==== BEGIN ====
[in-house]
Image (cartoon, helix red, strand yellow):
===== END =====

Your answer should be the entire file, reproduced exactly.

[in-house]
Image (cartoon, helix red, strand yellow):